The first 360-exclusive RPG from Ubisoft & From Software.
Enchanted Arms claims to be Xbox 360's first exclusive RPG, which I found confusing as Oblivion is without doubt one of the best games on the console. Then I realised - Oblivion is also available on PC. Regardless: apart from the NPC characters you have to talk to, and leveling up to increase your power, the two games have almost nothing in common. Oblivion is a shining example of what RPGs are capable of with next-gen power and graphics; Enchanted Arms on the other hand seems to have both feet planted firmly in the past.
From the outset, the game harks back to Final Fantasy and a Japenese RPG stereotype seen in so many FF rip-offs. Trying to add something different, it decides its best bet is to borrow from another RPG staple: Pokémon.
Stereotypes can provide a template for games and indeed every genre benfits from them. Enchanted Arms is so entangled in them that the game designers have had their hands tied behind their backs whenever an original idea popped into their heads. The game often feels like it was designed to be the Final Fantasy X follow-up that never was, but while FFX was a great game, it's now four years old and entirely last-generation. Enchanted Arms also looks like a PS2 game, with very few stand out graphical moments. Outside of the pre-rendered cutscenes, only London Castle impresses. Unfortunately, even the cutscenes are not nearly as dramatic, for the most part, as the scenes in FFX.
The opening involves a 'flashback' scene from later in the game, pitting you against a huge boss in a fight you cannot hope to win. Once you have been beaten, the game intro kicks off and you find yourself with a super-manga-haired-big-eyed Japanese hero, sleeping through a lecture at university. For the next 4 hours you can expect to continually press A while two characters, superimposed on a near static backdrop, talk. Again, the power of next gen is entirely disregarded. The characters animation flicks between one pose and another as they talk. Frequently, a hand will land on a characters mouth in mock surprise as they say "What?....". Otherwise, characters stand around and their lips move as they talk.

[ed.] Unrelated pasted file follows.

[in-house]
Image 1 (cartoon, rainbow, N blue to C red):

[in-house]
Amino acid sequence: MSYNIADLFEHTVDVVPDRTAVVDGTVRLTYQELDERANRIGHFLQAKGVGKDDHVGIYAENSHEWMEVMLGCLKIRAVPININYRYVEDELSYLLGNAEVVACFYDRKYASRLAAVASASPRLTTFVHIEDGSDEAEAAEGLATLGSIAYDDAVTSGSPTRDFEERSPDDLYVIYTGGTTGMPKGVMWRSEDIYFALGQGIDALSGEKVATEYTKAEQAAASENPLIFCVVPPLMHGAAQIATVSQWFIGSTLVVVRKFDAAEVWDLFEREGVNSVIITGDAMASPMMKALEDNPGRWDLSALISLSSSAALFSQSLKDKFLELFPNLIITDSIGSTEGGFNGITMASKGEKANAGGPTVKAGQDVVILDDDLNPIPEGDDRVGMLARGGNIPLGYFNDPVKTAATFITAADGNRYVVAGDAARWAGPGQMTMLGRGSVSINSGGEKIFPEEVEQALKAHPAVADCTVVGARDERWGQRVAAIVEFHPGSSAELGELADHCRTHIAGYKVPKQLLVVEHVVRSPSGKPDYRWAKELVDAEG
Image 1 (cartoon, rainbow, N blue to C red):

Speech is another missed chance for Enchanted Arms. While after most cut scenes the characters voicing is good, it abruptly stops as you carry on conversing with characters through the level. I've not been able to work out quite why some scenes have characters chatting away to each other (as long as you press A after every full stop) yet they suddenly go silent, leaving subtitles at the bottom of the screen as the mute characters lipsync to silence. Considering a certain other RPG mentioned above lets you stand next to non-player characters and listen to them talk about where they go for dinner, Enchanted Arms's speech comes off as plain lazy.
I really need to point out that the first four or five hours of the game are extremely tedious because of this. You listen to (or read) the endless prattle of various characters talking to each other, pressing A at the end of every sentence. Fights are very very few and far between. While this is setting the plot for the rest of the game to come, I was bored to tears. If it was not for the sake of this review, I may well have given up.
You'll not need to hit A just to communicate either. For most of the game, every time you encounter an obstacle you can expect to be told at great length that if you want to overcome said obstacle, you will have to "press A". Grapling hook, moving blocks, shops, healing stations, mining karts and more are all controlled by pressing A. You will also have to press A numerous times as you listen to one of your comrades explain this to you.